All of these negative feelings do not equate to me not loving or wanting my son. I have always loved him and wanted him, but these emotions became clouded by the heavy haze of resentment and uselessness I felt inside. Gloria Steinem once said, “Women have felt the need to pretend to be happy in order to be feminine.” (Larsen & Hegarty, 1991, Believing In Myself, July 24, Prentice Hall/Parkside Publications) I was pretending because I wanted everyone both inside and outside of my circle to believe I was a competent mother, and I personally think that there exists a societal pressure on women to be everything to everybody. Otherwise, childcare would be free, maternity leave would be paid and mandatory, and the ratio of women and men staying at home to look after their children would be more equal, but hey, that’s a different story.
I began to isolate myself, going only out of the house to go to work or to do the grocery shopping, or the occasional get-together in the park. I tried to go to the gym, but felt guilty for leaving him in the inadequate childcare provided. I withdrew from my partner and my friends, and I began to drink alcohol. That was when I could not keep up the façade any longer. The only trouble was, my son was now over 12 months old. How could the time have passed so quickly without any acknowledgement from myself and others that there could be a problem?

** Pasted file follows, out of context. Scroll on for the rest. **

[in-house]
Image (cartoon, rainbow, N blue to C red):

It was only when I ended up in hospital and then linked into a psychiatrist that it appeared that I had, “previously undiagnosed post-natal depression”. This, however, didn’t cut it with a few people, because now my son was too old for ME to have POST-NATAL depression. Comments from my psychiatrist that didn’t help were, “So what DO you do all day?” and comments from my significant others that didn’t help were, “So how long is post-natal depression supposed to last anyway?”
Things that did help was a conviction in me to not stand alone any longer and to tell people who counted that I was not well. Unconditional love, support and acceptance from my partner, his family and my best friends are the backbones from which I live and care for myself and my child.
I am now on anti-depressants and have felt like a human guinea pig trying to find that special, dynamic relationship between them and me. I’m still not sure if they are the way to go, but I owe it to myself and my family to give anything a go. Through it all, my son has grown into a beautiful little boy and has reached his milestones and then some! (Okay, so I have my mummy goggles on!) He is safe and happy, he loves both his mummy and daddy, has great relationships with his grandparents, aunts and uncles and has quite a few best friends too!
The most important thing for me has been support. We are social creatures, we are not hermits. We need people for survival. For me to continue on this journey safely, I have needed those closest to me for support, love, guidance and HELP!!! As they say, it takes a village to raise a child, so if you have ever experienced anything like me, or have been diagnosed with post-natal depression, remember you are not incompetent. You are not “An Incompetent Mother Formally Known As Competent”……..you are an Artist and you are a Princess!
*The author of this article wishes to remain anonymous.